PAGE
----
Certificate of Reasonable Value (CRV): Once the appraisal has been performed on a property being bought with a VA loan, the Veterans Administration issues a CRV.

Certificate of Title: A certificate stating who real estate’s title is legally held by.

Chain of Title: The history of a real estate’s titles from the earliest documents until the most recent.

Chapter 7 Bankruptcy: The type of bankruptcy where homeowners are required to liquidate nonessential items of property in exchange for the cancellation of debt.

Chapter 13 Bankruptcy: The type of bankruptcy which allows homeowners to keep their property but requires them to repay at least some of their debts over a 3 to 5 year period.

Chattel: Personal property.

Clear Title: A property’s title without liens or unresolved questions regarding ownership.

Closing: The meeting when a property’s sale is finalized and the buyer sings the mortgage documents and pay closing costs. The ownership is then transferred from seller to buyer.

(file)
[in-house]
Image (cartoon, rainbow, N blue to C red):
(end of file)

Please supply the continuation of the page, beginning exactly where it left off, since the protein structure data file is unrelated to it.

Closing Costs: Expenses beyond the price of the property that are related to transferring a property’s ownership including taxes, attorney fees, and origination fee, escrow, title insurance and a survey. Your realtor or lender should be able to estimate closing costs before you consider a purchase.

Cloud on the Title: Any condition which affect the clear title to real property.

Co-Borrower: An additional individual who is both obligated on the loan and is on title to the property.

Co-Maker: A person who signs a promissory note guaranteeing that the loan will be repaid. The borrower and co-maker are then both equally responsible for repayment. Also called endorser.

Collateral: An asset put up as a guarantee on a loan. If the borrower fails to repay the loan, he or she risks losing the asset.

Commission: The fee a broker or agent receives for negotiating a real estate sale or loan. Typically it is a percentage of the property or loan’s price.

Commitment Letter: A formal document provided by a lender stating a loan’s terms, and agreeing to lend it to a home buyers. Also known as a loan commitment.

Common Area Assessments: Charges paid to the Homeowners Association by the owners of the individual condominium units or planned unit development (PUD) and are generally used to maintain the property and common areas. Sometimes called Homeowners Association Fees.

Common Areas: Those portions of a building, land and amenities owned (or managed) by a planned unit development (PUD) or condominium project’s homeowners association that are used by all of the unit owners who share in the common expenses of their operation and maintenance.